(Removes stray word in headline)
* Leakage found at Sotkamo mine on Nov 4
* Company says no more leaking expected, hopes to restart plant
* Investors expect more share issues
* Stocks jump after falling heavily in recent sessions
HELSINKI, Nov 14 (Reuters) - Talvivaara said its nickel mine in eastern Finland had stopped leaking waste water, sending its shares sharply higher on hopes it has gained control over an environmental fiasco.
The company still needs permission from local authorities to restart its metals recovery plant, which has been offline since the leak was discovered on Nov. 4. Authorities have since found high concentrations of metals in nearby streams.
“No further release of the leakage water outside the mine area is anticipated,” Talvivaara said on Wednesday.
The shares surged 17 percent to 97.45 pence in London and 12 percent to 1.21 euros on the Helsinki bourse by 1032 GMT. They had fallen around 30 percent after the leak was found.
Authorities said on Tuesday they were not satisfied with the company’s earlier report, particularly regarding clean-up plans, and that they wanted further details by Thursday before allowing production to restart.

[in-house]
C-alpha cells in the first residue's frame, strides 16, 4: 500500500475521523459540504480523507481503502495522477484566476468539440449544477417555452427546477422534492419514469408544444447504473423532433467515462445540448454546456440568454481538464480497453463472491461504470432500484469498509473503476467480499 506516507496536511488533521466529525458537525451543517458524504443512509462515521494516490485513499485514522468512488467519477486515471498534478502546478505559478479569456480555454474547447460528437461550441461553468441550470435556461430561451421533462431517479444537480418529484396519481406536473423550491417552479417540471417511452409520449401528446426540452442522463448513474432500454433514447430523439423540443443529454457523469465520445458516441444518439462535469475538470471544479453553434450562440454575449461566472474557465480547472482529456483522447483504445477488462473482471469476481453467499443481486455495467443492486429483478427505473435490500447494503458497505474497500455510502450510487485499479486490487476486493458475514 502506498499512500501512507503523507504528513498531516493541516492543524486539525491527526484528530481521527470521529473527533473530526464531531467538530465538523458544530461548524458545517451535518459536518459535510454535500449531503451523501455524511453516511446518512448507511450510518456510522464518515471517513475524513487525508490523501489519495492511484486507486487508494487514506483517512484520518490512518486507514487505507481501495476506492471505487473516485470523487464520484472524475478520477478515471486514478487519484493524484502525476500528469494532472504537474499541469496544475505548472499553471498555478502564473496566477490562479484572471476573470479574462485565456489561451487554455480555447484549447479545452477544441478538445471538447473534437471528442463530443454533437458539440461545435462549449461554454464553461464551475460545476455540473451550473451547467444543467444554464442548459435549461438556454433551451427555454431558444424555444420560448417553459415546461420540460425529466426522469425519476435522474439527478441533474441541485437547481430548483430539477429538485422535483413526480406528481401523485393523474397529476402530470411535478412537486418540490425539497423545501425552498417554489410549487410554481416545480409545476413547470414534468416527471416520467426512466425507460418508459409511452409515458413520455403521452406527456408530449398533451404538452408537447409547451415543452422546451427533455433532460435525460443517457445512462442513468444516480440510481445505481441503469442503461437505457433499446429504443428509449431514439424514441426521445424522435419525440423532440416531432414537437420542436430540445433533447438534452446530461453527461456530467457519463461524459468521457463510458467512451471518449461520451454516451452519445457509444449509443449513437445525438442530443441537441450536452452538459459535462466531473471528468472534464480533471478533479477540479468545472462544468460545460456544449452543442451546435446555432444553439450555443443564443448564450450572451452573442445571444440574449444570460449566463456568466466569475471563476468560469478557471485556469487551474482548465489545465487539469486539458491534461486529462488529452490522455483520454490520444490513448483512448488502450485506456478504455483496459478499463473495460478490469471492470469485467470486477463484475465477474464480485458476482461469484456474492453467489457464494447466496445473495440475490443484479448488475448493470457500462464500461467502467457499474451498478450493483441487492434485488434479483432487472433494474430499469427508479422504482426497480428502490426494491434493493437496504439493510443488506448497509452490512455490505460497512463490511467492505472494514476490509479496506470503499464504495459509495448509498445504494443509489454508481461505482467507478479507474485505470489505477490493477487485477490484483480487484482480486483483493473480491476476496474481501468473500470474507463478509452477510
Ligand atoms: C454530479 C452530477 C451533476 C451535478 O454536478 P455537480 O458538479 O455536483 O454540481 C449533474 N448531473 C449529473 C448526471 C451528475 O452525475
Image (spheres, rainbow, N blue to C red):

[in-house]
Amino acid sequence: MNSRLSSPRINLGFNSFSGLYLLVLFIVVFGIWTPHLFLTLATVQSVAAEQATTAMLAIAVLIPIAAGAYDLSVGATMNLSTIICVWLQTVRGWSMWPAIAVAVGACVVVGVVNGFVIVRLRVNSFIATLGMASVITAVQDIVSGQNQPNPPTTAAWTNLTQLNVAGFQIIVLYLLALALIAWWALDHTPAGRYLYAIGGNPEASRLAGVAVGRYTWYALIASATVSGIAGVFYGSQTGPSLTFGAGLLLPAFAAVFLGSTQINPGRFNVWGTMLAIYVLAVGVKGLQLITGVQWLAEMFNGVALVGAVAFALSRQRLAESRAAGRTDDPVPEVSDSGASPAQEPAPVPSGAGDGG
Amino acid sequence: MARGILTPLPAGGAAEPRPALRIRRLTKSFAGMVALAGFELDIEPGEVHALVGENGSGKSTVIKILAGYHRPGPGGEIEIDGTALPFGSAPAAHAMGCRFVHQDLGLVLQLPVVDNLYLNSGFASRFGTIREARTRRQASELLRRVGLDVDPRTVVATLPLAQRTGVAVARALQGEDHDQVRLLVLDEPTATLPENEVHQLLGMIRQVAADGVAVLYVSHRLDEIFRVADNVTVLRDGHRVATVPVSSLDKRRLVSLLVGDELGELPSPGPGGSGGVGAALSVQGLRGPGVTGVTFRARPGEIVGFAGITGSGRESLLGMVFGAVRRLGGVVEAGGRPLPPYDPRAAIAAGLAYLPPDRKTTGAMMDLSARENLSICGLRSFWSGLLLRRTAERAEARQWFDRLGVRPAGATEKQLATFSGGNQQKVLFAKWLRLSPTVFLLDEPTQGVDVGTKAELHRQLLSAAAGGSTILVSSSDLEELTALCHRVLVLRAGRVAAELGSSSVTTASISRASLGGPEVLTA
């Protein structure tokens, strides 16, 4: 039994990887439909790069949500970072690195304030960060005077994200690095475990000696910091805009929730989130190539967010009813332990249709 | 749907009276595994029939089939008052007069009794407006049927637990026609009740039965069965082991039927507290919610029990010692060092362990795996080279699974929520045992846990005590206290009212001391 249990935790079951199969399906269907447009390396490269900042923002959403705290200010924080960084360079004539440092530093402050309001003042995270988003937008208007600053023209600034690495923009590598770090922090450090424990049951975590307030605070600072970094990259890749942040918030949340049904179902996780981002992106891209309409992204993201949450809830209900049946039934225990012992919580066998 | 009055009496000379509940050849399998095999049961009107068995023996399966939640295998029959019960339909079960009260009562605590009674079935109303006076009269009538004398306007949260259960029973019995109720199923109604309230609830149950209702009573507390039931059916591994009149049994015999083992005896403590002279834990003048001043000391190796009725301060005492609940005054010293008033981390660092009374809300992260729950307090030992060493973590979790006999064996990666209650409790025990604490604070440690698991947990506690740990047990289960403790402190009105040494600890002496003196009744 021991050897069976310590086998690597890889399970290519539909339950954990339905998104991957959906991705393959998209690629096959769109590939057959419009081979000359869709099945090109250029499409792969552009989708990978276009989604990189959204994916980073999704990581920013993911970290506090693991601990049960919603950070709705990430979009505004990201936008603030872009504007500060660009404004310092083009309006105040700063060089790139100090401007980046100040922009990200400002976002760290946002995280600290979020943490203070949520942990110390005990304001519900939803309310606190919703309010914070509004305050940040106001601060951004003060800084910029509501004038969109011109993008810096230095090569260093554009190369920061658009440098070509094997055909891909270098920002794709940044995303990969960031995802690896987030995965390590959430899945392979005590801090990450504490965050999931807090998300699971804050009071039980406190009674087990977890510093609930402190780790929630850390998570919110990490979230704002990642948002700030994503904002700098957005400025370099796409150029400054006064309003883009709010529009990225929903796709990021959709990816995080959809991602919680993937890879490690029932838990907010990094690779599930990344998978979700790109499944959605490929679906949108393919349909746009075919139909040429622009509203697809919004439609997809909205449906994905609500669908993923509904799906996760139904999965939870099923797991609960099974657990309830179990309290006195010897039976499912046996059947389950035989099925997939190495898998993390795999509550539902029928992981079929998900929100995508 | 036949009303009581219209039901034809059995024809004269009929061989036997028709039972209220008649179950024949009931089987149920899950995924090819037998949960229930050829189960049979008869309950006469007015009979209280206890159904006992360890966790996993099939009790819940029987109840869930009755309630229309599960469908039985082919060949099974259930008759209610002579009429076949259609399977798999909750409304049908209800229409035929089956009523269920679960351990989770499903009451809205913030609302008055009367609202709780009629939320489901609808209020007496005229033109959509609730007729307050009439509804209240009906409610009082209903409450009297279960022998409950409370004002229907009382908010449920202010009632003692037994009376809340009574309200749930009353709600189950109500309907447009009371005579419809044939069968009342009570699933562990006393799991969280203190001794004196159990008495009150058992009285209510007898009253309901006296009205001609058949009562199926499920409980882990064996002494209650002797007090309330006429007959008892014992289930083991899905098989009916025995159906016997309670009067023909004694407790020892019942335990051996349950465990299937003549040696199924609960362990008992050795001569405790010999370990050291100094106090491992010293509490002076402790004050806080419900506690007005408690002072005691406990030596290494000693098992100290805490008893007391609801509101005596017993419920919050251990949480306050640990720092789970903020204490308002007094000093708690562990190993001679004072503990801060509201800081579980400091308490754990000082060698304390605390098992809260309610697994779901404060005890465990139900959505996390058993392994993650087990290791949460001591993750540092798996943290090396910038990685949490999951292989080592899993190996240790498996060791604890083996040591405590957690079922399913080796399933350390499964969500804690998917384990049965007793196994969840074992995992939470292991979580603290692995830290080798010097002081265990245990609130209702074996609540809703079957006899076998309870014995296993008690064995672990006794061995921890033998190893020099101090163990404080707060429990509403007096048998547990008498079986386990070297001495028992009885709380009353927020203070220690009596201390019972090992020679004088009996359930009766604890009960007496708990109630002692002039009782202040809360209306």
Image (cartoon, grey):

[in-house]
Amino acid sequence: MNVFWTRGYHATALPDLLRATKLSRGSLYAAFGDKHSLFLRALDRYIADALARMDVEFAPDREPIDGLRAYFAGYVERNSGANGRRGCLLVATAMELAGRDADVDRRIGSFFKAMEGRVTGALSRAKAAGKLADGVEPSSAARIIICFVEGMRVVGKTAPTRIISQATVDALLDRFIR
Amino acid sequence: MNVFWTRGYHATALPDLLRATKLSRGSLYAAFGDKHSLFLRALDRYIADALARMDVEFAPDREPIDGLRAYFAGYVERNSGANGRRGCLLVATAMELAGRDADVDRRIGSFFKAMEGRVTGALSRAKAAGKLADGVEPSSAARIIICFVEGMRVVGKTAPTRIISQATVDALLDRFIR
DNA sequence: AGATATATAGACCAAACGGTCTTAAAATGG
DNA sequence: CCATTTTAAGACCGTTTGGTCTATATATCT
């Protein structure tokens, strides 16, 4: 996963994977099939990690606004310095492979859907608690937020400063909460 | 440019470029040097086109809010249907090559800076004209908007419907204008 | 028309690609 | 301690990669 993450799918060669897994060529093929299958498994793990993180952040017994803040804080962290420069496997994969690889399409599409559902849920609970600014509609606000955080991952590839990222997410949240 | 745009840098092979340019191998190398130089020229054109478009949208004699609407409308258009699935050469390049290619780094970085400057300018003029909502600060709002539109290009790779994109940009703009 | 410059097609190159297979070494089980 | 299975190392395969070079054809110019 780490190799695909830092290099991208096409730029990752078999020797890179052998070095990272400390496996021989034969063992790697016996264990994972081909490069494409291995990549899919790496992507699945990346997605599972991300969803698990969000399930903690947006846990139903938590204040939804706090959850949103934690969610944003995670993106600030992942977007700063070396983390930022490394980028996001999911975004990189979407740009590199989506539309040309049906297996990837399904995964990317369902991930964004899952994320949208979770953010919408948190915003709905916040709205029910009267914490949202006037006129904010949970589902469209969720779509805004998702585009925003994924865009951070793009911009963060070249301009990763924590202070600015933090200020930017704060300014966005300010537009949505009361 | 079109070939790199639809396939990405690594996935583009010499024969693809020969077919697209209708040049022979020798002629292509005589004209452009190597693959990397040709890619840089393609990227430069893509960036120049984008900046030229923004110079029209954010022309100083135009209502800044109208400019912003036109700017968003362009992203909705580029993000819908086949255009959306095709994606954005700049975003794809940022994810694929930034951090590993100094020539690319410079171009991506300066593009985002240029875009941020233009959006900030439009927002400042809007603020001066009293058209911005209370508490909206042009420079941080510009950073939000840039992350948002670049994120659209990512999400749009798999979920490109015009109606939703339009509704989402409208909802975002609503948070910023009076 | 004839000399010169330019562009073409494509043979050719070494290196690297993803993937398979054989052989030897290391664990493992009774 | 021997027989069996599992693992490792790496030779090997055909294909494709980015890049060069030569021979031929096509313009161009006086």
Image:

The company said it would provide those details later on Wednesday.
The Finnish Environment Institute said water samples showed levels of contamination high enough to kill fish.
It was the latest in a series of problems at the Sotkamo mine, which was considered an industry pioneer for its use of bacteria to extract nickel. Over the past year, it has been hit by production disruptions, environmental problems and the death of a worker.
The leak is seen as particularly costly due to the prolonged production halt and the expected costs of the clean-up. Talvivaara said last week it was considering options to raise new funding, including convertible bonds and equity issues.
“We haven’t yet gotten confirmation when they can start back up again, which would be the next step in this thing, and then also future financing needs - a lot of questions being asked,” Liberum analyst Ben Davis said.
Analysts expect a new share issue, which could dilute the value of existing shares, but they also expect help from the Finnish government, which is already a major shareholder with a 9 percent stake.
Talvivaara said it would update its nickel production target when it is allowed to restart the plant. It has repeatedly lowered its output forecast this year due to weak prices and production disruptions. (Reporting by Ritsuko Ando; Editing by David Holmes and Jane Baird)